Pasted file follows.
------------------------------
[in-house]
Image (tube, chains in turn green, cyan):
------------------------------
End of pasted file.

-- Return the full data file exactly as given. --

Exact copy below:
[in-house]
Image (tube, chains in turn green, cyan):